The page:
It is now a few days later; we are in Pesach (Passover). Last Monday, we were invited to join host families for the Seder. Another dancer in my program and I were assigned to a family in Yechiem, a neighboring kibbutz
. Having never experienced a Seder, I was a little nervous; I knew that depending on how religious the family, there could be hours of reading, praying, singing, etc before the meal. The family who received us was wonderful. They were so friendly, they spoke English, and they had a fantastic sense of humor. We ate in their garden, telling the story of the Exodus from Egypt to the sound of croaking frogs and birds. And I actually really enjoyed the reading of the Hagada. They had two Hagadas for us with English and Hebrew and were scrupulous about keeping us up to speed with their speedy reading; we also were invited to read (in English of course), and as the youngest I got to read the four questions. I expected to feel like an audience member, not knowing the Hebrew or the songs. Instead we were included in every step (and there are a lot). There was much laughter and banter throughout. When we sang Echad Mi Yodea (a song, like 12 days of xmas, in which each verse adds a new aspect of tradition with increasing numbers) every person at the table was assigned a number or two, and whenever our number was called, we stood. This produced the most laughter, I think. At quieter moments, we sometimes heard other families in Yechiem singing familiar songs.
The food was (surprise!) wonderful. We had the wine, matzah with horseradish, eggs in salt water, gefilte fish, and matzah ball soup. After the soup I was feeling close to full, and then came the meal: chicken with mushrooms, rice, lamb and gravy, broccoli, and many salads. It really felt like a familiar family dinner with lively conversation and comfortable atmosphere. And being in the garden, and also knowing that most people in Israel were having the same celebration, it was a kind of magical experience.
We danced Wednesday and Thursday, and now have Friday, Saturday, Sunday, and Monday off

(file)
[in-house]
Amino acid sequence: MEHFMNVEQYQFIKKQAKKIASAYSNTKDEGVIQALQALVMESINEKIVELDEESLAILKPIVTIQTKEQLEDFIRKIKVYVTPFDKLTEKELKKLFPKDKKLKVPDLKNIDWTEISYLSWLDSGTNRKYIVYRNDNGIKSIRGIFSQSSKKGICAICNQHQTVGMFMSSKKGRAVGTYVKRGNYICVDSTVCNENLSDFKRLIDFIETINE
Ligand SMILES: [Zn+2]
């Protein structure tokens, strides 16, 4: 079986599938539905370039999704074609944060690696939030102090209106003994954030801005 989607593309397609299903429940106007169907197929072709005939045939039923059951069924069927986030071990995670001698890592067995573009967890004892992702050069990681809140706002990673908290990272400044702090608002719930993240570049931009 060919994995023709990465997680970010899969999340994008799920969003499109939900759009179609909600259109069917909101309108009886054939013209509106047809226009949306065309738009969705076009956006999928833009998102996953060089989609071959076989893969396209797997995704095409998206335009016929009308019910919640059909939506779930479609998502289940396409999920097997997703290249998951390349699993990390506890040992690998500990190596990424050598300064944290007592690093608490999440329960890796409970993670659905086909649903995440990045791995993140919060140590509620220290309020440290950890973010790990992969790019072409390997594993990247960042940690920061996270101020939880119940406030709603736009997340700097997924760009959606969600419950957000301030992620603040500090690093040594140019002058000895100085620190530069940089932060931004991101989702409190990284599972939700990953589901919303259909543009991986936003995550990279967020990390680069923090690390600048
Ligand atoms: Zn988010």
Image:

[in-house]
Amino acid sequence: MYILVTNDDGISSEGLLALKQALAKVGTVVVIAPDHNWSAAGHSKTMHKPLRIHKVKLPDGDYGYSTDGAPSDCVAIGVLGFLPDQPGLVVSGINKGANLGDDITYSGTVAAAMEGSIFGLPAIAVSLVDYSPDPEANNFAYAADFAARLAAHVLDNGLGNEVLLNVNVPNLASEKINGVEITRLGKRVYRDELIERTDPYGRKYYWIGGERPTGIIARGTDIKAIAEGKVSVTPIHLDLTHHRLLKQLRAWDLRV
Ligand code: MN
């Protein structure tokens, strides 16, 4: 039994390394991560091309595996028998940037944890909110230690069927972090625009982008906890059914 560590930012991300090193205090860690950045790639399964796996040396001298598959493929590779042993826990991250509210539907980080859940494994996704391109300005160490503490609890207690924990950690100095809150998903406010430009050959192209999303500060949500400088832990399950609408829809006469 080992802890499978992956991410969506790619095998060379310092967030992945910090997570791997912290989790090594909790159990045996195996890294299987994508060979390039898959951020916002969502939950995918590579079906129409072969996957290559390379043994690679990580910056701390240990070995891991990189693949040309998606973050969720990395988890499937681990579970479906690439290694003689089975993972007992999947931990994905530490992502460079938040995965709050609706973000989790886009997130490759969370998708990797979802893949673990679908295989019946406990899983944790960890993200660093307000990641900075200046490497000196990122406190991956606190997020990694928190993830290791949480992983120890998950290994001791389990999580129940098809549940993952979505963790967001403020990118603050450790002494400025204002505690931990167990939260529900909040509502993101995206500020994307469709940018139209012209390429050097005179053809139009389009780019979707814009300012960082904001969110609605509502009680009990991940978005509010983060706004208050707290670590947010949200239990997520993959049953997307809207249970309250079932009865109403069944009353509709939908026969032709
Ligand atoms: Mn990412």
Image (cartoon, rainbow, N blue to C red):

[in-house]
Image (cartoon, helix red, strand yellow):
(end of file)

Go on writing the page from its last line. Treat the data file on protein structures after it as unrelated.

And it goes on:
. I don't know what I would do without this break. My body is exhausted. But at the moment, after two wonderful Seder dinners, and a Shabbat last night, a three hour walk to and from the glorious arab market in Tershicha, some purposeful walks in the rain, and the knowledge that coming home is not to far off has brought me a rare moment of complete contentment. Life has begun to feel normal here, finally. I don't have to think about where I'm walking or how I'm going do laundry or even to some extent what my I am supposed to be doing here. I've kind of accepted that this is not a situation in which setting goals is going to help me. I honestly don't know what I'm doing here; it might take me 10 years to figure that out. In the meantime, I am figuring out other things, like how to eat and sleep and dance. At this moment, and from speaking with many other friends on the program I know that many people feel this way, I have such a profound longing for home and my family. But it's like a race in that seeing the finish line makes the end more enjoyable. I don't want to wish these last months away. I don't think I will. My roommate and I talk about home a lot. We feel the same way; we both love the program, love Israel, love this company, but also can't wait to go home. And we are close, but still only half way. I predict that by the end, I will be excited to come home, but if given the choice, I would rather stay in Israel continuing the program. Two more months will be just enough time to get completely comfortable and attached. Isn't this just how life works?
Well now I'm off to eat some of Natasha and Jenya's Russian Salad (they're my married friends from Russia, I have married friends already) and some Passover cookies (I may be the only one who finds them delicious).
It is hot finally, and windy; beautiful sunny weather has come after months of thunderstorms. It feels as though summer has just been dropped on top of us, and I am having trouble contemplating the fact that this is not actually summer in Israel; it's still just spring. I have passed the 10 week mark; I am half way through the program. It flew! It's unnerving how fast it's gone, and how much I've learned in such a short amount of time. It feels like the most full part of my life, and perhaps the most challenging.